Climate Change: Off the G-20 Agenda?
Editor's Note: Follow Rob Eshelman's dispatches from the G-20 summit in Pittsburgh at TheNation.com all week.
Tuesday afternoon, US District Court Judge Gary Lancaster rejected a request by the ACLU of Pennsylvania and the Center for Constitutional Rights for an injunction against the Pittsburgh Police. The lawyers alleged in the suit that local law enforcement has been systematically harassing and carrying out unconstitutional searches and seizures of members of two G-20 protest groups--the Seeds of Peace Collective and the Three Rivers Climate Convergence (3RCC). The judge refused to restrain the police and suggested that if police conduct warrants damages claims, then the ACLU should file suit. The ACLU says it will pursue such claims.
"Its hard to believe the City of Pittsburgh is deploying this much firepower against a peaceful group," Witold Walczak, state director of the ACLU, told The Nation. "If ever there is there is a time to protect demonstrators' First Amendment rights, it's this week."
Despite yesterday's legal setback, climate change groups such as 3RCC and Greenpeace have continued to occupy a central place among anti-G20 protests in Pittsburgh during the run-up to the summit. The actions of climate change campaigners come at a critical time: climate scientists are issuing ever more dire reports about the pace at which global warming is occurring, and there are now just seventy-four days before the Copenhagen climate talks.
Today, activists from Greenpeace rappelled from Pittsburgh's iconic West End bridge, hanging an eighty-feet by thirty-feet banner that read: Danger, Climate Destruction Ahead, Reduce CO
Damon Moglen, director of Greenpeace's Global Warming Campaign, says that the action is an expression of growing public concern over the inaction of the world's political elites in dealing with greenhouse gas emissions. "Global leaders need to realize that the activist community and the general public are demanding that they take strong positions on climate change."
Moglen added that it was important to situate the G-20 meeting not only as occurring two months before the Copenhagen conference but also two days after the UN Climate Change Conference in New York City.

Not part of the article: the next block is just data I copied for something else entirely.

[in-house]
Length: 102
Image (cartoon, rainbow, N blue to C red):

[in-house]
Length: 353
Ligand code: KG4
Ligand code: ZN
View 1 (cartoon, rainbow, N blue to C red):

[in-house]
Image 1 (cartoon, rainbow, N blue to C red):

"Obama missed an opportunity with his speech before the UN yesterday," Moglen said. "What was striking about his speech was the complete lack of commitment to ambitious emissions reductions." Many countries, including Japan, have recently put forward bold new reduction goals consistent with the IPCC's recommendations for 25 to 40 percent emissions reductions by 2020. Obama called for reductions that fell far short of what other nations have proposed, and the science-based IPCC recommends. "It appears that Obama is preparing for a race to the bottom," Moglen added.
Three issues will likely dominate G-20 discussions on Thursday and Friday: boosting the level of capitalization of banks, reigning in executive pay and developing a coordinated strategy for reducing economic stimulus programs. That climate change may be an afterthought, at best concerns many climate change activists I've spoken with the past several days. "Time is increasingly short and there's an enormous amount of work to be done," said Steve Herz, also with Greenpeace.
During the summit, many environmental groups, including Greenpeace, have been pushing for greater public investment in economic stimulus programs that encourage alternative energy production. A recent report authored by Greenpeace and the European Renewable Energy Council argues that a boost in renewable energy production could support 8 million jobs by 2030.
Meanwhile, 3RCC has been working to connect the G-20 summit not only to concerns over global warming but also to ecological devastation caused by mining in areas around Pittsburgh, particularly the Appalachian states. Yesterday about two dozen protestors picketed coal industry executives, in town for an international coal conference and headed to a Pittsburgh-based research and development facility for demonstration of "clean coal" technology. As delegates boarded a bus, the picketers shouted, "Clean coal is a lie" and "Sequester greed"--an allusion to carbon capture and sequestration.
As Eileen O'Conner, an attorney representing the Norwegian company Sargas, spoke with print and television reporters about the tour, protester Lisa Fithian held out two large, dark clumps of wet coal, seemingly offering them to the well-dressed spokesperson. "The coal is already down [in the ground]; why would we take it out of the ground and then put it back?" the protester asked.
Morgan Goodwin, a spokesperson for 3RCC, explained the connection between protesting the coal industry and the G-20: "There's collusion between these groups, not only because they're meeting together in Pittsburgh but also in their policies." An international climate agreement that reduces greenhouse gas emissions is essential, Goodwin said, but was unlikely to happen, given the links between international finance, politicians, and the coal industry.
3RCC is planning a protest for this evening at a clean energy jobs fair, and a climate march is scheduled to feed into Friday's broad-based demonstration of the G-20 summit.